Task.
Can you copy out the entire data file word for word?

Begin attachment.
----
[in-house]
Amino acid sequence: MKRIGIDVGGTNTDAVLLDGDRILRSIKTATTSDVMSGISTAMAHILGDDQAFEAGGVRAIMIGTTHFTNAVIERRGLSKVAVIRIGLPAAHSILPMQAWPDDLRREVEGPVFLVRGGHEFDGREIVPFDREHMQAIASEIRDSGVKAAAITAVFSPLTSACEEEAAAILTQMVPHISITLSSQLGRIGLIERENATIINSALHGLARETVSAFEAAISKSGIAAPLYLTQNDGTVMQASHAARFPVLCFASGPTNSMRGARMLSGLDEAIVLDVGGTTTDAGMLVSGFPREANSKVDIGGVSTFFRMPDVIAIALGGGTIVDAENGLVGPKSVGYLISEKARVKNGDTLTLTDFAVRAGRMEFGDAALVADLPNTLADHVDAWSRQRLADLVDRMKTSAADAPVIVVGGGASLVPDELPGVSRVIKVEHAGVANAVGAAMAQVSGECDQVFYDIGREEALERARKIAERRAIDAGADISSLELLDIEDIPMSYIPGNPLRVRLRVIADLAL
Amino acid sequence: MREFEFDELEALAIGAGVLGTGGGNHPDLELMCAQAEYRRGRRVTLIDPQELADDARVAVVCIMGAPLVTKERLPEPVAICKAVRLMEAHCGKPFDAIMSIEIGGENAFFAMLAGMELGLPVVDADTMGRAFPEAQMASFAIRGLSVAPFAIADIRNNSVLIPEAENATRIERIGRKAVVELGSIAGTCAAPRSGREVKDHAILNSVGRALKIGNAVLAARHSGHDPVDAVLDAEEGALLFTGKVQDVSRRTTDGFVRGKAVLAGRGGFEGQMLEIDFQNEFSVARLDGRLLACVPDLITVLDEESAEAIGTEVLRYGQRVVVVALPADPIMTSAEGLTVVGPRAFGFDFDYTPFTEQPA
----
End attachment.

[in-house]
Amino acid sequence: MKRIGIDVGGTNTDAVLLDGDRILRSIKTATTSDVMSGISTAMAHILGDDQAFEAGGVRAIMIGTTHFTNAVIERRGLSKVAVIRIGLPAAHSILPMQAWPDDLRREVEGPVFLVRGGHEFDGREIVPFDREHMQAIASEIRDSGVKAAAITAVFSPLTSACEEEAAAILTQMVPHISITLSSQLGRIGLIERENATIINSALHGLARETVSAFEAAISKSGIAAPLYLTQNDGTVMQASHAARFPVLCFASGPTNSMRGARMLSGLDEAIVLDVGGTTTDAGMLVSGFPREANSKVDIGGVSTFFRMPDVIAIALGGGTIVDAENGLVGPKSVGYLISEKARVKNGDTLTLTDFAVRAGRMEFGDAALVADLPNTLADHVDAWSRQRLADLVDRMKTSAADAPVIVVGGGASLVPDELPGVSRVIKVEHAGVANAVGAAMAQVSGECDQVFYDIGREEALERARKIAERRAIDAGADISSLELLDIEDIPMSYIPGNPLRVRLRVIADLAL
Amino acid sequence: MREFEFDELEALAIGAGVLGTGGGNHPDLELMCAQAEYRRGRRVTLIDPQELADDARVAVVCIMGAPLVTKERLPEPVAICKAVRLMEAHCGKPFDAIMSIEIGGENAFFAMLAGMELGLPVVDADTMGRAFPEAQMASFAIRGLSVAPFAIADIRNNSVLIPEAENATRIERIGRKAVVELGSIAGTCAAPRSGREVKDHAILNSVGRALKIGNAVLAARHSGHDPVDAVLDAEEGALLFTGKVQDVSRRTTDGFVRGKAVLAGRGGFEGQMLEIDFQNEFSVARLDGRLLACVPDLITVLDEESAEAIGTEVLRYGQRVVVVALPADPIMTSAEGLTVVGPRAFGFDFDYTPFTEQPA